The legal side of things was, basically, a complete fluke. I was on the dole in the mid 90’s and needed a job, and the Legal Aid Board was hiring. I did 2 years there, worked out there was no real career progression possible, but had become aware of the general idea of the legal profession. I had a zippy old typing speed, because of the writing, and on the strength of that I got a job as a legal secretary. After that I trained on the job as a legal executive (best of both worlds – training paid for by the firm while taking home a secretary’s wage). I ended up specializing in debt collection, litigation and landlord/tenant law, which I guess isn’t exactly the sort of heroic work that Daredevil’s Matt Murdock would sully his hands with.
BWG: Did your background in Zoology influence the creation of the Kinden in your Shadows of Apt series and the bioform characters in the Dogs of War Series?
AT: Honestly it’s more that the drives in my that led me to study zoology, went on to inform almost all of my writing. With a very few exceptions, my writing has the fingerprints of zoology all over it – spiders, dogs, wasps, even the aliens of Walking to Aldenbaran. It’s all beastly, frankly.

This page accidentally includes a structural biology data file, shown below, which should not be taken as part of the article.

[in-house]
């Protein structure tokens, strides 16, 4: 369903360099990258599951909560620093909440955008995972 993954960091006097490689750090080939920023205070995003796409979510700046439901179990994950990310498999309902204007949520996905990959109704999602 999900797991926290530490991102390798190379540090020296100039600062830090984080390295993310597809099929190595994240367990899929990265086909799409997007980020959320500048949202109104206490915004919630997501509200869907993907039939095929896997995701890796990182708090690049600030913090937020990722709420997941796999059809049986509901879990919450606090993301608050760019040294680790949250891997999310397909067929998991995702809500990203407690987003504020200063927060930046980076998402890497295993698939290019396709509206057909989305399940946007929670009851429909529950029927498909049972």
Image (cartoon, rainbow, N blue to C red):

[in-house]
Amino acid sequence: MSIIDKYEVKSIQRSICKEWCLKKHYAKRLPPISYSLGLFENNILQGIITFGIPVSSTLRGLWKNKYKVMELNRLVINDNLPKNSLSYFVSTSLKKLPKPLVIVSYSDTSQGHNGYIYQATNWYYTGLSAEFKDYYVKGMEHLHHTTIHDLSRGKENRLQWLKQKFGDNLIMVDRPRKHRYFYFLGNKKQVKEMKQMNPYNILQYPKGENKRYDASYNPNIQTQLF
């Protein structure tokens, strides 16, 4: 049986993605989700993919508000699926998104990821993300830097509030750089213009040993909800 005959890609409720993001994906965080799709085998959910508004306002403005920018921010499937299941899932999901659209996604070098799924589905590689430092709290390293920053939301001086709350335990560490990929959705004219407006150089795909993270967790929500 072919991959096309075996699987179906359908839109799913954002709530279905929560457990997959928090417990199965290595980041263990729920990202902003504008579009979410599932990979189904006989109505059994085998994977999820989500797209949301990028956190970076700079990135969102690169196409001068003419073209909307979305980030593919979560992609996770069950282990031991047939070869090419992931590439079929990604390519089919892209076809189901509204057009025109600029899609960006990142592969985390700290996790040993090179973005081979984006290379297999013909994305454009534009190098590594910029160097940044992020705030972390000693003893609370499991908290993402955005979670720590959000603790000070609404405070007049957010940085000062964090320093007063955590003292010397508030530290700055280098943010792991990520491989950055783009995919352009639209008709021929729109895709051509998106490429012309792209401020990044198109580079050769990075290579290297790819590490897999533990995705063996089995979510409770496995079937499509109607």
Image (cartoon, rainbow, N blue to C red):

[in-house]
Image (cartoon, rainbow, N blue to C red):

BWG: When I read The Children of Time and the in-depth creation you did around the spiders, I noticed that the spiders and ants are not anthropomorphized in the story. I have seen a lot of that in science fiction. Instead, you took aspects of their innate psychological and physiological traits and extrapolated on them. What was the research like for that? It seems like you had to parallel how the development would work naturally in a closed environment like a terraformed planet and how evolution would work when fiddled with by humans and bring those two ideas to harmony.
AT: There is a SF tradition where aliens are just humans, when you scratch the surface, save that they are humans with a more limited emotional palette. Or they’re humans pretending to be a human idea of what a particular animal is like. These are the angry, warlike aliens. These are the cat aliens (so many cat aliens!). With CoT, though the Portiids aren’t really alien, being of Earth stock, I wanted to present a species that was complex, nuanced, non-human and yet comprehensible to human readers. Hopefully at least some of that came through. (The octopuses in Children of Ruin almost broke me, frankly. They make the spiders look like our near cousins.)